Kaltenburg Castle was built during the High Middle Ages and though ruined, most of the walls are intact. The name of the castle appears to come from the name of the castle founder Heinrich von Kalden also known as Bappenheim or Pappenheim, who was the Marshal of the Empire under Emperor Frederick II. The castle was built some time between 1150 and 1180.
Under the Hohenstaufen kings the rulers of Kaltenburg swore fealty only to the Emperor, an unusual privilege for a German noble. In 1240 Dietmar is mentioned in connection with the castle. While in 1265 Otto von Kaltenburg is mentioned as the ruler. By 1332 the castle is owned by Graf or Count von Helfenstein. The count's landvogt or administrator was Heinz Vetzer who lived in the tower.
In 1357 the castle was held by the von Riedheim family. They had received the castle either as a loan from the Duchy of Bavaria or they were serving as a landvogt or administrator for the Imperial City of Ulm. During the 15th century several nobles occupied the castle including the von Grafeneck and Stadion families.
The castle was besieged and severely damaged in 1435 by troops from Nürnberg. A second destruction occurred in 1632–34 during the Thirty Years' War. It was rebuilt in 1677 by the von Riedheim family. However, in 1764 the south west wall collapsed. The towers were dismantled and transported to Reuendorf to build a storage building.
After portions of the castle collapsed the castle church was destroyed in 1804. Two years later portions of the inner castle were dismantled, with more portions collapsing in 1806. When the castle was taken over by the Graf von Maldeghem in 1820, five families lived in the castle. After 1837 30 inhabitants were mentioned to still live in the castle. After 1897 it appears that only the gatehouse was still intact and occupied.
The first attempts to conserve the ruins happened in 1938 and 1940. This process continued in 1980 and 1983. During this period, the two square towers were cleaned and rebuilt.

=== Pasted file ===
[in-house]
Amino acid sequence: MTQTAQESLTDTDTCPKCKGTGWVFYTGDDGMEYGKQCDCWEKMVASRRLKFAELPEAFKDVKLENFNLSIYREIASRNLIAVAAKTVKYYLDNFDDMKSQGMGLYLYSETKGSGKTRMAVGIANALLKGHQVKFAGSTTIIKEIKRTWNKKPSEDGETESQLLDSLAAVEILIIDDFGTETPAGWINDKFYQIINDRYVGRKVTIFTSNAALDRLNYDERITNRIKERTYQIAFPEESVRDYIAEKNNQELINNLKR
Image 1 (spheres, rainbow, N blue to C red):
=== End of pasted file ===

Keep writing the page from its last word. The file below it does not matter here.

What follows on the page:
The construction of the castle occurred in four, still visible, stages. The castle from the 12th century was really only a Tower house located on a rocky outcrop. In the 13th and 14th century the site was expanded to its current size. From 1450 until 1560 it was expanded once again. Finally, after the destruction of the Thirty Years' War, it was rebuilt in 1677 and the two remaining square towers were added.
The irregular pentagon shape of the curtain wall was protected by the two remaining square towers and three or possibly four round towers. On the flatter hill side, the walls were protected by angular 5 m deep and 10 to 16 m wide moat. The gatehouse was located in the south near a steep cliff.
In the north west, under the ruins of the outer wall, a part of the older moat is still visible. On the plateau a 4 m high and about 16 m long piece of the curtain wall remains. The buildings of the first and second construction phases are almost all gone, only a few stones indicate where the 13 m high tower once was. The 3.4 m thick curtain wall was once part of the east wall of the square tower house of the first castle. The keep of the second castle was likely located to the west on a deeper section of bedrock.